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Why?

Android's BLE stack has some...issues...

SweetBlue is a blanket abstraction that shoves all that troublesome behavior behind a clean interface and gracefully degrades when the underlying stack becomes too unstable for even it to handle.

It’s built on the hard-earned experience of several commercial BLE projects and provides so many transparent workarounds to issues both annoying and fatal that it’s frankly impossible to imagine writing an app without it. It also supports many higher-level constructs, things like atomic transactions for coordinating authentication handshakes and firmware updates, flexible scanning configurations, read polling, transparent retries for transient failure conditions, and, well, the list goes on. The API is dead simple, with usage dependence on a few plain old Java objects and link dependence on standard Android classes. It offers conveniences for debugging and analytics and error handling that will save you months of work - last mile stuff you didn't even know you had to worry about.

Features

  • Full-coverage API documentation: https://api.sweetblue.io
  • Sample applications.
  • Battle-tested in commercial apps.
  • Plain old Java with zero API-level dependencies.
  • Rich, queryable state tracking that makes UI integration a breeze.
  • Automatic service discovery.
  • Full support for server role including advertising.
  • Easy RSSI tracking with built-in polling and caching, including distance and friendly signal strength calculations.
  • Highly configurable scanning with min/max time limits, periodic bursts, advanced filtering, and more.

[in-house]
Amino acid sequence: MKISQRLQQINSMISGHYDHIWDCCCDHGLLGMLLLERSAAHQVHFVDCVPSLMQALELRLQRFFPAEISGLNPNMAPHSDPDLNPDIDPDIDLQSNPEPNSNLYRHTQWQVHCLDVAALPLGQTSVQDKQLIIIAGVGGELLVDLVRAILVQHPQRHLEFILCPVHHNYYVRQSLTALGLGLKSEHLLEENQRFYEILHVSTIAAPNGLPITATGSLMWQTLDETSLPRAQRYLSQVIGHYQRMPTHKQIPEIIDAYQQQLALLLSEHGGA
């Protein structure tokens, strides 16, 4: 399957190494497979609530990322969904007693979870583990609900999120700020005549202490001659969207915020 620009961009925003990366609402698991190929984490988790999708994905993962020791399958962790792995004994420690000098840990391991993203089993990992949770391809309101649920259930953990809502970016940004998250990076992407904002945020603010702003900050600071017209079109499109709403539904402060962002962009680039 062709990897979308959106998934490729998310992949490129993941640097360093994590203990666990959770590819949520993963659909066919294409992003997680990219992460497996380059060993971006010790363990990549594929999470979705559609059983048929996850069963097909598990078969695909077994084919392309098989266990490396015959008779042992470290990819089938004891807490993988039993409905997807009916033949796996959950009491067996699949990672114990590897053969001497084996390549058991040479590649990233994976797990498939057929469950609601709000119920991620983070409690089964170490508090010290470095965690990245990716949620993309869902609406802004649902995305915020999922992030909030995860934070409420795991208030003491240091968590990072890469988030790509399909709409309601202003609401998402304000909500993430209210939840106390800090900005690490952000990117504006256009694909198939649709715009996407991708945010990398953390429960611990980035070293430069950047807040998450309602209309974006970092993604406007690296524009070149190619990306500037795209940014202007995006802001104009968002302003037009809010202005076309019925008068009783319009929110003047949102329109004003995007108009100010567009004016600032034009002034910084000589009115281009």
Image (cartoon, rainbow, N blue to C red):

• Continuous scanning mode that saves battery and defers to more important operations by stopping and starting as needed under the hood.
  • Atomic transactions for easily coordinating authentication handshakes, initialization, and firmware updates.
  • Automatic striping of characteristic writes greater than MTU size of 20 bytes.
  • Undiscovery based on last time seen.
  • Clean leakage of underlying native stack objects in case of emergency.
  • Wraps Android API level checks that gate certain methods.
  • Verbose logging that outputs human-readable thread IDs, UUIDs, status codes and states instead of alphabet soup.
  • Wrangles a big bowl of thread spaghetti behind a nice asynchronous API - make a call on main thread, get a callback on main thread a short time later.
  • Internal priority job queue that ensures serialization of all operations so native stack doesn’t get overloaded and important stuff gets done first.
  • Optimal coordination of the BLE stack when connected to multiple devices.
  • Detection and correction of dozens of BLE failure conditions.
  • Numerous manufacturer-specific workarounds and hacks all hidden from you.
  • Built-in polling for read characteristics with optional change-tracking to simulate notifications.
  • Transparent retries for transient failure conditions related to connecting, getting services, and scanning.
  • Comprehensive callback system with clear enumerated reasons when something goes wrong like connection or read/write failures.
  • Distills dozens of lines of boilerplate, booby-trapped, native API usages into single method calls.
  • Transparently falls back to Bluetooth Classic for certain BLE failure conditions.
  • On-the-fly-configurable reconnection loops started automatically when random disconnects occur, e.g. from going out of range.
  • Retention and automatic reconnection of devices after BLE off->on cycle or even complete app reboot.
  • One convenient method to completely unwind and reset the Bluetooth stack.
  • Detection and reporting of BLE failure conditions that user should take action on, such as restarting the Bluetooth stack or even the entire phone.
  • Runtime analytics for tracking average operation times, total elapsed times, and time estimates for long-running operations like firmware updates.
  • Helper class to handle getting required permissions for BLE scanning, along with dialogs, with translated text in 15 languages